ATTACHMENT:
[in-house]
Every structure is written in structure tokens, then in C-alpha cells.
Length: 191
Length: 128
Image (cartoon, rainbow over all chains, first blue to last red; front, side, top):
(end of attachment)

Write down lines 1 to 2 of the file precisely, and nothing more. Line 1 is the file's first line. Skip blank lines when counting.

[in-house]
Every structure is written in structure tokens, then in C-alpha cells.